So…now that we’ve looked at the negative side of what love is not, what exactly should love look like? Is it wrong to care about ourselves or to want people to love us?
I think we have to be careful about this question. We are not wrong in wanting to be loved. God created us with a need to be loved. Some of us suppress that need out of fear. But everyone wants to know they are valued by someone else. If no one cares about us at all, then it can lead us into deep depression.
But sometimes I think we imagine that we are not loved because we don’t recognize it when it’s given. I’ll give you an example from my childhood. I craved physical affection from my earliest memory. I don’t know why, it’s just always been a need – more so when I was young. My dad was not a hugger, though he would never deny me one. He just didn’t come seeking them out. He also wasn’t one to say, “I love you,” very often. (That changed, by the way, when he got older and I grew up. He was affectionate and said some of the most loving things to me that I’ve ever heard.) But I digress.
My dad’s love language was not the same as mine. So for a short time in my childhood, I questioned his love. But I didn’t recognize the way he worked hard every day to provide for me. I didn’t see how much time he took off work whenever he could to be there for me at school functions, or when my mom had to work. His quiet presence didn’t always look like love to others–and it took maturity on my part to see it–but my dad’s love was far greater than I realized. You see, he believed these words:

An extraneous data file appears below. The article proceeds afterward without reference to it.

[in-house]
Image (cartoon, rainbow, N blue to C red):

Love is very patient and kind…(love) rejoices whenever truth wins out. If you love someone, you will be loyal to him no matter what the cost. You will always believe in him, always expect the best of him, and always stand your ground in defending him. All the special gifts and powers from God will someday come to an end, but love goes on forever.
And even three years after his homegoing, I still feel my dad’s love. Did that mean he never failed and grew impatient or got irritable or touchy or noticed when others didn’t act the way they should? Of course not. But the more he read his Bible, the more he became like these verses above.
Love is good. It bears all things, believes all things, hopes all things, endures all things, as another version puts it. Love never fails.
People may mistreat us or not act the way we want them to. And we shouldn’t allow them to abuse us or use us–that’s not being loving toward them. If we want to truly love other people, sometimes we have to let them go their own way. But that doesn’t mean we stop caring. It doesn’t mean we wouldn’t be there in a heartbeat if they had a genuine need. It doesn’t mean we would stop praying even if we don’t know what to pray for. We pray because we love. We love because God loved us first.
More on that on Valentine’s Day.